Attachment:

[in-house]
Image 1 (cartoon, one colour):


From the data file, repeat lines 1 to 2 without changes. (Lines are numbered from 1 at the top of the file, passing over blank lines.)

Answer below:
[in-house]
Image 1 (cartoon, one colour):